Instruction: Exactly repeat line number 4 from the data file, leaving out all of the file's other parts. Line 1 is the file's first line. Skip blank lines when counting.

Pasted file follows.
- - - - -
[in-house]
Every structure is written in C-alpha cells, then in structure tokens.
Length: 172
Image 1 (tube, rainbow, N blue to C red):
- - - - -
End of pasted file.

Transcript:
Image 1 (tube, rainbow, N blue to C red):